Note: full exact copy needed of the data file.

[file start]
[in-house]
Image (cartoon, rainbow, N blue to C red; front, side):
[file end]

[in-house]
Image (cartoon, rainbow, N blue to C red; front, side):